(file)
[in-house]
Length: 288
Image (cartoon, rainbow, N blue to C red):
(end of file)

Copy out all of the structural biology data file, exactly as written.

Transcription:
[in-house]
Length: 288
Image (cartoon, rainbow, N blue to C red):